September 9, 2000 |
Aretha Franklin, Smokey Robinson, Erykah Badu and Bonnie Raitt were among the stars who paid tribute to forgotten soul singers at the Rhythm & Blues Foundation's 11th annual Pioneer Awards. While superstars such as Stevie Wonder and the late Marvin Gaye also were honored in New York Wednesday night, the bulk of the four-hour ceremony was dedicated to lesser-known acts, such as the Chi-Lites, who faded into obscurity although their harmonies on hits such as "Have You Seen Her?" helped define the sound of the '60s and the '70s.
April 9, 2000 |
A few weeks back, soul-singer-turned-sex-symbol D'Angelo canceled several shows to rest his voice, giving his tour musicians three unexpected days off. Some grabbed mini-vacations. Others went home. James Poyser, the Philadelphia producer, keyboardist and songwriter who has helped forge hits by Erykah Badu, Lauryn Hill, D'Angelo and others, returned to his studio - Axis Music, on North Seventh Street - and hit the ground running. Poyser had a choice of unfinished projects awaiting him. Before going on the road, he had been producing and collaborating with new Philly rhythm-and-blues singer Connie McKendrick, crooner Will Downing, and Donald Lawrence and the Tri-City Singers, a gospel outfit out of North Carolina.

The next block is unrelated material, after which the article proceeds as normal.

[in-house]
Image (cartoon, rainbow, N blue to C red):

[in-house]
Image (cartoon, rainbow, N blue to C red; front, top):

March 28, 2000 |
What about that "Matrix" sweep, huh? That's what you'd be talking about today if, like most reasonable folks, you only had stomach or stamina enough to sit through about half the 72nd annual Academy Awards ceremony broadcast live on ABC from the Shrine Auditorium. "American Beauty," the evening's big winner, didn't start piling 'em on until the last half-hour of a 4-hour, 11-minute show, another record. Richard and Lily Zanuck, as executive producers of the event, brought an elan to the production in a number of subtle ways.
March 21, 2000 |
D'ANGELO. 7:30 tonight and tomorrow night. Tower Theater, 69th and Ludlow streets, Upper Darby. Tickets: $50, $39, $35. Info: 215-568-3222. Take a pinch of Jimi Hendrix, a dash of Stevie Wonder and a whopping handful of Marvin Gaye, add a smoldering video and behold - the architect of a new musical style. When Michael D'Angelo Archer debuted five years ago, his music was immediately dubbed neo-soul. In an R&B era defined by unimaginative lyrics and predictable music, the cornrowed singer was warmly welcomed.
February 16, 2000 |
James Poyser doesn't mind that people don't recognize him. He just wants them to recognize his music. "Hey, if people know who I am, they know," he joked recently. "If not then, oh, well. My ego is not that big. " The Philly-based producer, keyboard player and songwriter is becoming one of the most sought-after musicians in the industry. At 33, Poyser has an impressive - and growing - list of hits and hit-makers showcasing his talents. But while he's busy creating music for living legends, new jack artists and everyone in-between, he also finds time to give back as director of the children's and youth choirs at his father's Southwest Philadelphia church, New Testament Church of God. "It's my job, period.